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The crux of the marital home

The number of marriages in Austria has been relatively constant for several years. However, many people associate certain resentments with the institution of marriage and fear financial disadvantages through marriage. The legislator also wanted to counteract these resentments. It is for a few years now possible, to make agreements on the marital home in advance, i.e. before a divorce is in the offing.


What is a matrimonial home?

In simple terms, the matrimonial home is a permanent home in which the spouses live together. The marital home does not have to be a classic three-room flat in a block of flats. It can also be a mobile home, a house, a boat or an allotment garden. The point is that the couple does not just stay there temporarily but sees the common centre of life at that place. Even people who are not specialists or experts in the field of family law have an inkling that “the marital home” can become a problem in the event of a divorce. People fear for their property.

The classification as a matrimonial home has far-reaching effects. The matrimonial home and its occupants are given special protection. The protection applies during an ongoing marriage, regardless of who owns the flat or who is entitled to dispose of it. In other words: even if one spouse is the owner or main tenant of a flat, the other person may not simply be thrown out. No matter how bitterly one is in dispute. Sometimes you realize in the event of an dispute, that you cannot force the partner to move out, if they have a urgent housing need.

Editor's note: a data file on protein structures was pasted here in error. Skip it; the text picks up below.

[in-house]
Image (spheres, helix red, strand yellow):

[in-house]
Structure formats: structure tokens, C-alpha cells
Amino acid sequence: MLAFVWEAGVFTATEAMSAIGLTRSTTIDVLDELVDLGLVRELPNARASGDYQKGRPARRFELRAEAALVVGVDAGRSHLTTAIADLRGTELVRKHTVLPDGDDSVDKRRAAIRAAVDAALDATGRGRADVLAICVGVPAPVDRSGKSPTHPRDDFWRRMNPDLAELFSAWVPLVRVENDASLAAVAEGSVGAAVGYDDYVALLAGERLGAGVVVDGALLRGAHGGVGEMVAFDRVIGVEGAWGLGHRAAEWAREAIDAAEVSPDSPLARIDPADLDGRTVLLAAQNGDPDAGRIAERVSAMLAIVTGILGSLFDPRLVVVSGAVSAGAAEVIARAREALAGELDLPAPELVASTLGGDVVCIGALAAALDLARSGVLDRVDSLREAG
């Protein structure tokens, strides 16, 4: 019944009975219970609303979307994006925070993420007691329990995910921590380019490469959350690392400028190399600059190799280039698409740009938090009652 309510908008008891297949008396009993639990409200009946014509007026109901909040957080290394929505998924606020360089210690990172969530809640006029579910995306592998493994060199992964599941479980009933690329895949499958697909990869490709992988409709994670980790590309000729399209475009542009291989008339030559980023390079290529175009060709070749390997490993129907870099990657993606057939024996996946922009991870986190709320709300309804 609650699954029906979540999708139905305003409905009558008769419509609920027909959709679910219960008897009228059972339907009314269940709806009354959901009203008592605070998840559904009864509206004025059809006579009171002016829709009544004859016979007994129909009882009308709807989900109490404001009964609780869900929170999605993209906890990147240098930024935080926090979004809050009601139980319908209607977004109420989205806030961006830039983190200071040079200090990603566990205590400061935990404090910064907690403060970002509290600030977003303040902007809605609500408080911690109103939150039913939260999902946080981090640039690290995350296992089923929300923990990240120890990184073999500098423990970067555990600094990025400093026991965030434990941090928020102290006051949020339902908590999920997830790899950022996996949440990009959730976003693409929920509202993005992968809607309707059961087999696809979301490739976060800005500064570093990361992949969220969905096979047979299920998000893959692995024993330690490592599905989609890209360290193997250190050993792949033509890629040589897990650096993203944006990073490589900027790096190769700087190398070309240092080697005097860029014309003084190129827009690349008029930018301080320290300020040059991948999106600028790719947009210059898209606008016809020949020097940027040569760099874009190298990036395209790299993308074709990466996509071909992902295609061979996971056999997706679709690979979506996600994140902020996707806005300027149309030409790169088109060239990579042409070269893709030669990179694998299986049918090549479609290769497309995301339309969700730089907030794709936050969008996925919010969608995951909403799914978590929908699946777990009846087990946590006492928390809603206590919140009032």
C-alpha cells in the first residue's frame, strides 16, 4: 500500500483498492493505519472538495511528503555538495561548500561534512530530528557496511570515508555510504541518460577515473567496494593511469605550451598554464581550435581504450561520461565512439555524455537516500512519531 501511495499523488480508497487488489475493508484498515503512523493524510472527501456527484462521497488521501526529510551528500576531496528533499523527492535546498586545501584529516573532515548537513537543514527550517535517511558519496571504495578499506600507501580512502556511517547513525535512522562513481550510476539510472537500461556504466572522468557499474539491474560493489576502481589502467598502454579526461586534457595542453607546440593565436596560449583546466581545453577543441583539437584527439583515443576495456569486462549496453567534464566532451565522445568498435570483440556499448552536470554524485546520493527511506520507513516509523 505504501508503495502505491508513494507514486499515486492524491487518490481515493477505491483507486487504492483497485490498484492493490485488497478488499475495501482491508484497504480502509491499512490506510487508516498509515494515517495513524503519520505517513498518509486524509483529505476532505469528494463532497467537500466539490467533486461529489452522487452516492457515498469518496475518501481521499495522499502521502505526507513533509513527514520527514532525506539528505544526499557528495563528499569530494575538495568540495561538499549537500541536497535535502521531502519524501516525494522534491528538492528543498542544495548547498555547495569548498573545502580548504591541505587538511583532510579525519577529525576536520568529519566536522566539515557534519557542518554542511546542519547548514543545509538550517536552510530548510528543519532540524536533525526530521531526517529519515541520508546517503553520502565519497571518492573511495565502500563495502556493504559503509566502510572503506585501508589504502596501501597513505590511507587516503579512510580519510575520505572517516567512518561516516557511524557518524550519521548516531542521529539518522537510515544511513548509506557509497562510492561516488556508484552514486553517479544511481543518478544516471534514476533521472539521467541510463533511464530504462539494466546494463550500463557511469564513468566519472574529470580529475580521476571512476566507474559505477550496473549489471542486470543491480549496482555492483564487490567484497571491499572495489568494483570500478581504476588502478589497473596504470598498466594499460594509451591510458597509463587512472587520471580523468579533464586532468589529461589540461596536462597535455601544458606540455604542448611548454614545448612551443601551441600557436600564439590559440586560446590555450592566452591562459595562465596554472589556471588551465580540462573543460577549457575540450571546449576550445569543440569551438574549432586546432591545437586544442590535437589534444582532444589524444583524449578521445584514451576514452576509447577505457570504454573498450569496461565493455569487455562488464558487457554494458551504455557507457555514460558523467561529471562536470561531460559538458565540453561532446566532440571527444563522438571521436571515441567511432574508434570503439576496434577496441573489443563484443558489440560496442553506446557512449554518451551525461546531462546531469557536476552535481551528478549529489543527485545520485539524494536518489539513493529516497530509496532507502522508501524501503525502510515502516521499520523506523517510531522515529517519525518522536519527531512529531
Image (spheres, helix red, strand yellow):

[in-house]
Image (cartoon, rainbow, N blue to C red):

Urgent need for housing

An urgent need for housing is assumed by the courts if the spouse does not have any other housing option available that corresponds to the standard lived in up to now. If the family lives in the wife’s villa in a noble district of Vienna, the husband, who takes care of the small children, cannot be evicted to a one-room flat on the outskirts of the city.



Even after divorce, when it comes to division, the marital home has a special position. Generally speaking, property that one spouse already owned before the marriage, that was given as a gift or inherited, is not to be divided in the case of divorce. This may be different in the case of the marital home. Even if a person was already the owner or occupier of a property before the marriage, it may fall within the division under certain circumstances. It is predictable, among other things, that the other person is dependent on continuing to use the flat in order to secure his or her living needs. The most significant case in practice is that it is in the interest of a common child to continue to use the house/apartment. If possible, one wants to prevent a child from being torn out of its previous social environment and having to change school or kindergarten, for example.



For some years now, it has been possible to conclude a contract on the marital home in advance in the event of divorce. Especially if you are already the owner of a property before marriage, you have an interest in securing your property. In the meantime, it is possible to contractually exclude the possibility of the other person asserting claims to the marital home in the event of divorce. However, it is not always clear whether such an agreement will withstand a possible war of Roses in the future. In extreme cases, the court can deviate from such agreements on the marital home. On the one hand, this is understandable because one wants to protect the weaker person, but it does not necessarily contribute to legal certainty.

The protective interests of one partner are in tension with the property rights of the other in the regulations concerning the marital home. Finding a balance that is perceived as liveable by both sides is often a high-wire act.

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